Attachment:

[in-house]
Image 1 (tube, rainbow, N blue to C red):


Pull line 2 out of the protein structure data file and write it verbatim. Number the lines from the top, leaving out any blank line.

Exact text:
Image 1 (tube, rainbow, N blue to C red):